Fig 1. Mean levels of waist circumference, WHtR, BMI-for-age z-score and obesity among 6- to 19-year-olds from 1988–94 through 2011–12.

Boys are represented by the solid, grey line.

Table 1. Mean levels (or prevalence) of various measures of body size among 6- to 19-year-olds from 1988–94 through 2011–12.

Fig 2 shows the mean and 95% CI for the race- and age-adjusted differences in waist circumference (triangles and dotted CIs), between children in 1988–1994 (referent category in the regression models) and those in each subsequent survey. The mean waist circumference was substantially higher in 2003–04 than in 1988–94 (mean differences: +4 cm, boys; +5 cm, girls), but remained fairly stable subsequently. Including BMI as an additional covariate in these regression models (solid circles and lines) greatly reduced the differences among both boys and girls. Based on these BMI-adjusted regression models, the estimated difference in waist circumference between levels in 1988–94 and those in each subsequent survey ranged from 0.2 cm (2009–10) to 1.1 cm (2003–04) among boys and from 1.5 cm (1999–2000) to 2.5 cm (2005–06) among girls. Additional analyses indicated that adjustment for weight, rather than for BMI, yielded very similar results (data not shown).

Fig 2. Regression coefficients and CIs for the difference in the mean waist circumference between 1988–94 and each subsequent survey cycle.

Estimates were based on a regression model that included survey as a categorical level with 1988–94 as the reference category. The open triangles are estimates from models that included race and age, while the black circles are estimates from models that included BMI as an additional predictor. Age and BMI were modeled using natural splines with 3 knots. The 95% CIs for each estimate are also shown.

As assessed by the areas between the x = 0 line and lines connecting either the unadjusted or adjusted estimates in Fig 2, we estimated that controlling for BMI accounted for 76% of the increase in mean waist circumferences among boys during this period. (The area under the curve, obtained by integration, was 38 cm × year based on the models without BMI, while the BMI-adjusted area was 9 cm × year.) The comparable reduction among girls was 51%.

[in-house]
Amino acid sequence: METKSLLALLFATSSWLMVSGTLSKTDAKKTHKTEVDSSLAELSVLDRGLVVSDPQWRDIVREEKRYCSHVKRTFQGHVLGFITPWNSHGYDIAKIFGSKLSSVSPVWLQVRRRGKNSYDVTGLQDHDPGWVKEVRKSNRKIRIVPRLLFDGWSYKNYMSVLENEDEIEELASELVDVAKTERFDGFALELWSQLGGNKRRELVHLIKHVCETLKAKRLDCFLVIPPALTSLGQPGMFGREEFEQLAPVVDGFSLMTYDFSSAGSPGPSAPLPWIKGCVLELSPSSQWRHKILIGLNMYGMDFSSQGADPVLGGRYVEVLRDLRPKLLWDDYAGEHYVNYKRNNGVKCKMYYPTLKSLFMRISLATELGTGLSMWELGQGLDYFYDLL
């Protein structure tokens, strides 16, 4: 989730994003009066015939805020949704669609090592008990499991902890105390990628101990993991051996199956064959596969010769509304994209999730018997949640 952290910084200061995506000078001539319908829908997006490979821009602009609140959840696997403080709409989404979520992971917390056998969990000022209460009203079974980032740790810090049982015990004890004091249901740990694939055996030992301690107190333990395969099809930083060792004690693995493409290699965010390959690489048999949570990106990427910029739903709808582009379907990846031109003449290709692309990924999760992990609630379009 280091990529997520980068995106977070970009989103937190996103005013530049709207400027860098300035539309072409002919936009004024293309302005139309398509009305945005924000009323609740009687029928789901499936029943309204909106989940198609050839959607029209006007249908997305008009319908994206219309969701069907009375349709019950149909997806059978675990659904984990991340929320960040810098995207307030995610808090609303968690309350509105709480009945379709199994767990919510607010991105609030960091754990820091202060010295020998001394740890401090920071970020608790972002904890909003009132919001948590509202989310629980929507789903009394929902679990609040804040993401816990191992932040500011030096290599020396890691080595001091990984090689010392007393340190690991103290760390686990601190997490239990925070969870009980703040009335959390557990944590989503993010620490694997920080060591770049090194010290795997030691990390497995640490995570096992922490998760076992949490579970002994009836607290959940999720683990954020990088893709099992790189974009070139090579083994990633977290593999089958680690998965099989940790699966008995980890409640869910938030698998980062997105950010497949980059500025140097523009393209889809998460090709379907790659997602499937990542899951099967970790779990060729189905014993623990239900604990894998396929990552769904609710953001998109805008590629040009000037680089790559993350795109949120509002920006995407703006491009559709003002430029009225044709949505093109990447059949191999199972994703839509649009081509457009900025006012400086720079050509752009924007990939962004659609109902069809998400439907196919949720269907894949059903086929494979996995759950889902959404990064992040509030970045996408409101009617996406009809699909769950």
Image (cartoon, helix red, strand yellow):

Additional analyses that approximated the changes in waist circumference by a linear trend (Table 2) also indicated that controlling BMI greatly reduced the secular increases. Among boys, including BMI as a covariate reduced the increase in waist circumference from 1988–94 from 1.6 to 0.2 cm per decade (both estimates were statistically significant at the 0.05 level). Among girls, the corresponding reduction was from 2.5 to 1.1 cm per decade. Although the pattern was somewhat similar in analyses that examined the trend from 1999–2000 through 2011–12 (final column), even without adjustment for BMI, the increase in the waist circumference of boys during this period was not statistically significant. In contrast, the independent increase in waist circumference among girls between 1999–2000 and 2011–12 was statistically significant (β = +0.6 cm per decade, p = 0.003). The categorization of year (Table 2, bottom) in the regression models confirmed these findings. Controlling for BMI reduced the observed increase in waist circumference from 3.5 cm to 1.0 cm among boys and from 5.8 cm to 2.4 cm among girls. There was also an interaction between and waist circumference among girls (p < 0.01), but not boys, with the magnitude of the BMI-independent increase in waist circumference increasing with age (data not shown).